Recording Background Vocals

If you’ve come up with a clever backing bit, naturally you’ll want to make sure you record it properly. To that end, we asked a few experts to give us some background on cutting good-sounding background vocals.

Posted in Songwriter 101 on July 14, 2006 by

When it comes to embellishing your work in progress, a well-crafted backing vocal can go a long way. Background harmonies not only add flavor and make a nice production technique, they’re often the hookiest part of the whole song. If you’ve come up with a clever backing bit, naturally you’ll want to make sure you record it properly. To that end, we asked a few experts to give us some background on cutting good-sounding background vocals.

Changing the “Voicegram”
Back in the ‘60s, producer/engineer Brooks Arthur, the man responsible for dozens of classic girl-group hits by the Shangri-Las, the Cookies and many others, developed a unique method for recording background harmonies. “One of the essential ingredients on those girl-group productions was doubling and tripling the backing vocals,” says Arthur. “But the thing that really made it work was moving the girls to a different spot around the mic for each overdub, so that the mic would be picking up a different ‘voicegram’ - that is, same singers, but the new positioning would somehow make it all sound fuller. That formula remained a constant for me through the years.”

When doing the overdubs, Arthur would typically record the vocals using a three-partition room separator, positioned about 10 feet from the control room window. “That way, we could utilize the height of the ceiling, the sound of the room, even the vocal deflection off the window.”

One for All
Recording multiple singers doesn’t necessarily mean that you have to use multiple microphones. Many engineers prefer grouping background vocalists around a single omni-directional microphone and allowing the singers to balance themselves live, rather than “riding” individual vocal tracks. Roy Halee seldom strayed from the one-mic method during his tenure with Simon & Garfunkel. “Whenever I tried isolating Paul and Artie on separate microphones, it never worked - the blend just wasn’t the same,” recalls Halee. “When the two of them were singing together live, something would happen in the sound field between their voices and the mic that was magical. That’s just the way it happened. The minute you’d put a piece of cardboard between them, it went away. So I’d always insist that we do it live. And occasionally we’d get into some pretty heated discussions about it, too!”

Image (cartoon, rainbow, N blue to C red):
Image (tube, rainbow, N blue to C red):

Halee also preferred fleshing out the vocal parts with an additional layer. “It wasn’t really doubling, it was more 3/4 original to 1/4 overdub,” says Halee. Of course, a great mic was always a necessary ingredient. “I’d use a good tube mic, like an old Neumann U67, or an M49. The choice of microphones is really important, obviously, but I was always adamant about keeping everything as clean as possible on the way to the recorder - the channel, the pre-amp, everything.”

Monitor Method
If you have a small group of singers but you’re short on headphones, no problem - next time, try recording the backing vocals right in the control room while running the reference track through the monitor speakers at a moderate volume, perhaps rolling off a bit of the bass in order to control leakage (you could also try using a dynamic microphone or a condenser mic in cardioid position, with the singers facing the “live” side of the mic). Producer Elliot Mazer used this method on Neil Young and guest vocalists James Taylor and Linda Ronstadt during the making of Young’s classic Harvest album. “We’d just finished the rhythm tracks for ‘Heart of Gold’ and had agreed on the master take,” says Mazer. “Neil, James and Linda came into the control room, sat down on the couch, we put up the mics, and rolled the playback right through the big speakers we had in there. That’s how they cut those background vocals. Normally you’d put on the headphones and get in a separate room and do it that way. But this worked out great - and it also kept the live feel intact.”

Finishing Touches
When mixing your background vocals into the completed track, be creative. If you’ve layered the vocal parts, try spreading the separate tracks across the stereo field - start hard left and hard right, then gradually move each part toward the center until you achieve the right balance (and there’s nothing wrong with stacked vocals in mono, either). A bit of echo or delay (or delayed echo) never hurt, particularly when applied to stereo vocals; for a really atmospheric sound, increase the effect level (while decreasing the direct signal), suitable on generic bits like “ooo’s” or “ah’s.”

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